Wast­ing stu­dents’ time

The Washington Times Weekly - - Commentary - Thomas Sow­ell

Re­cent videos of Amer­i­can chil­dren in school singing songs of praise for Barack Obama were a lit­tle much, es­pe­cially for those of us old enough to re­mem­ber pic­tures of chil­dren singing the praises of dic­ta­tors like Hitler, Stalin and Mao.

But you don’t need a dic­ta­tor to make you feel queasy about the ma­nip­u­la­tion of chil­dren. The mind­set that sees chil­dren in school as an op­por­tu­nity for teach­ers to im­pose their own no­tions, in­stead of de­vel­op­ing the child’s abil­ity to think for him­self or her­self, is a danger­ous dis­tor­tion of ed­u­ca­tion.

Par­ents send their chil­dren to school to ac­quire the knowl­edge that has come down to us as a legacy of our cul­ture — whether it is math­e­mat­ics, sci­ence, or what­ever — so that those chil­dren can grow up and go out into the world equipped to face life’s chal­lenges.

Too many “ed­u­ca­tors” see teach­ing not as a re­spon­si­bil­ity to the stu­dents but as an op­por­tu­nity for them­selves — whether to in­doc­tri­nate a cap­tive au­di­ence with the teacher’s ide­ol­ogy, ma­nip­u­late them in so­cial ex­per­i­ments or just do fun things that make teach­ing eas­ier, whether or not it re­ally ed­u­cates the child.

You can, of course, call any­thing that hap­pens in a class­room “ed­u­ca­tion” — but that does not make it ed­u­ca­tion, ex­cept in the eyes of those who can­not think be­yond words. Un­for­tu­nately, the dumbed-down ed­u­ca­tion of pre­vi­ous gen­er­a­tions means that many par­ents to­day see noth­ing wrong with their chil­dren be­ing ma­nip­u­lated in school, in­stead of be­ing ed­u­cated.

Such par­ents may see noth­ing wrong with spending pre­cious time in class­rooms chitchat­ting about how every­one “feels” about things on tele­vi­sion or in their per­sonal life.

But while our chil­dren are frit­ter­ing away time on trivia, other chil­dren in other coun­tries are ac­quir­ing the skills in math, sci­ence or other fields that will al­low them to take the jobs our chil­dren will need when they grow up. For­eign­ers can take those jobs ei­ther by com­ing to Amer­ica and out­per­form­ing Amer­i­cans or by hav­ing those jobs out­sourced to them over­seas.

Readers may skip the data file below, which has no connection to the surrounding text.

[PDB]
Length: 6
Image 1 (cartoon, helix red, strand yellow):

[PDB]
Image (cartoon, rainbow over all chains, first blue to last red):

In short, schools are sup­posed to pre­pare chil­dren for the fu­ture, not give teach­ers op­por­tu­ni­ties for self-in­dul­gences in the present. One of th­ese self-in­dul­gences was ex­em­pli­fied by a let­ter I re­ceived re­cently from a fifth-grader in the Sayre Ele­men­tary School in Lyon, Michi­gan.

He said, “I have been as­signed to ask a fa­mous per­son a ques­tion about how he or she would solve a dif­fi­cult prob­lem.” The prob­lem was what to do about the econ­omy.

In­stead, I replied to his par­ents: With Amer­i­can stu­dents con­sis­tently scor­ing near or at the bot­tom in in­ter­na­tional tests, I am re­peat­edly ap­palled by teach­ers who waste their stu­dents’ time by as­sign­ing them to write to strangers, cho­sen only be­cause those strangers’ names have ap­peared in the me­dia.

It is of course much eas­ier — and more “ex­cit­ing,” to use a word too many ed­u­ca­tors use — to do cute lit­tle stuff like this than to take on the sober re­spon­si­bil­ity to de­velop in stu­dents both the knowl­edge and the abil­ity to think that will en­able them to form their own views on mat­ters in both pub­lic and pri­vate life.

What earthly good would it do your son to know what eco­nomic poli­cies I think should be fol­lowed, es­pe­cially since what I think should be done will not have the slight­est ef­fect on what the gov­ern­ment will in fact do? And why should a fifth-grader be ex­pected to deal with such ques­tions that peo­ple with Ph.D.’s in eco­nomics have trou­ble wrestling with?

The dam­age does not end with wast­ing stu­dents’ time and mis­di­rect­ing their en­er­gies, se­ri­ous though th­ese things are. Get­ting stu­dents used to looking to so-called “fa­mous” peo­ple for an­swers is the an­tithe­sis of ed­u­ca­tion as a prepa­ra­tion for mak­ing up one’s own mind as cit­i­zens of a democ­racy, rather than as fol­low­ers of “leaders.”

Nearly 200 years ago, the great econ­o­mist David Ri­cardo said: “I wish that I may never think the smiles of the great and pow­er­ful a suf­fi­cient in­duce­ment to turn aside from the straight path of hon­esty and the con­vic­tions of my own mind.”

The fad of as­sign­ing stu­dents to write to strangers is an ir­re­spon­si­ble self-in­dul­gence of teach­ers who should be teach­ing. But that prac­tice will not end un­til enough par­ents com­plain to enough prin­ci­pals and enough elected of­fi­cials to make it end.

Thomas Sow­ell is a na­tion­ally syndicated colum­nist.

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